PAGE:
Edinburgh are ready to grasp their – slightly unexpected – opportunity back at the top table of European rugby, believes Grant Gilchrist.
The Scotland lock is one of only a handful of players who survives from Edinburgh’s great semi-final run in the Heineken Cup in 2011-12, and one of those who yearned to get back to the top table after four years in the second tier Challenge Cup.
Now they’re here, they lead Pool 5 at the halfway stage and go to Newcastle this weekend with a serious chance of taking a huge step towards a last eight place.
“For us being back at the top table was always the goal,” said Gilchrist. “The first two weekends, there was a real buzz about the squad anyway but that has gone up, certainly after the win over Newcastle at the weekend.
“You only have to look at the table and see what opportunity lies there. It is now in our hands, we understand that.”
The fact that it’s been so long since Edinburgh enjoyed real success in the top competition is a motivator, he adds.
“I have been here for eight years and this is our first chance to get there again since then,” he pointed out. “We have been poor in Europe, certainly in the Champions Cup, since then.
“These opportunities don’t come along every year, so when they do, you really want to savour it and make sure you put your best foot forward. It adds to the excitement in the squad to go out there on Sunday and see if we can get the win to put ourselves in a great position.”
Expectations were low for Edinburgh in their first year back, with an inexperienced squad in European terms and with big-spending French clubs like Toulon and Montpellier in their pool, but the standings are almost upside-down from where many expected them to be at this stage.
“We were just excited to be playing them and really challenging ourselves,” said Gilchrist. “We just wanted to see where we got to.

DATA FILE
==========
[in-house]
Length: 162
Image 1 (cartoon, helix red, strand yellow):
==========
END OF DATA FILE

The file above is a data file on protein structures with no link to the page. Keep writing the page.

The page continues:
“Before (the opening game) against Montpellier there was a nervous energy around the squad about how we would cope. We had played in the Challenge Cup for a good few years and were not sure how well equipped we were to handle (the top competition).
“We came so close in that game and the belief we got from going to one of the hardest places in Europe to win, competing well yet feeling disappointed, gutted, that we had not got a win…
“From that point the attitude started to shift from `let’s see where we’re at’ to `we’re in this fight, let’s go out and play our best knowing that if we do play our best we can win these games’.”
Newcastle are likely to put out a stronger side than last Friday – although their tighthead issues continue – which will negate the oddity of playing the same team twice in two weeks.
Gilchrist continued, “We have experience of it in Europe and the 1872 Cup but it’s always a bit of a strange feeling, do you want to change up the tactics a little bit, or do you stick with the same plan and hope it works again?
“There’s a balance to be struck in that but I’m sure they’ll make a lot of changes this week so for us this doubleheader is probably going to be like playing two different teams.
“We know their strengths and weaknesses of whatever team they’re going to play and we’ll be ready for them.”